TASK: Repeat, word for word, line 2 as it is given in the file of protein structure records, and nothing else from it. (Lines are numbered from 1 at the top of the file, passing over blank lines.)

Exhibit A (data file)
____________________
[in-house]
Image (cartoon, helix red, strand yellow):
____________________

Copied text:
Image (cartoon, helix red, strand yellow):